An Inside Look At The Challenger 300

Brooke Shaw
October 01, 2007
Written by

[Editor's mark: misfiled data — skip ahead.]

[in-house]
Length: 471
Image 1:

229-challlngerBeing given the opportunity to do a flight review on the new Bombardier Challenger 300 was similar to a homecoming or so I thought. With an extensive background on Challengers from instructing to flight operations and a year of flying the Global Express, I figured this assignment would be nothing more than a review of Bombardier products already flying. Little did I know what was in store. After arriving in Wichita on a bright, cold December day, I was greeted by Bob Agostino and his team at Bombardier Flight Operations. Having known Bob from previous days at Flight Safety where he was the student and I the instructor, I figured this would be even more enjoyable. As some readers may know, Bob is the architect of the now famous “aviation safety stand down” that he runs each year in Wichita. Started as an internal operation it has now grown to include outside participants along with well known aviation personalities and is getting to the point where it should be a “must do” for all professional pilots. Bob is the epitome of safety. He lives, breathes and talks it all day. On this particular day the briefing for the flight started and ended approximately 8 hours later. Most flight demonstrations start with a brief oral introduction and then directly on to the aircraft for the flight. This briefing was the most through, extensive and professional briefing I have ever received. At the end I even felt like I already knew this aircraft well enough to receive a type rating! Safety was incorporated into all aspects of the flight including egress of the aircraft in the unlikely event of an emergency. Well done to Bob and his flight operations people.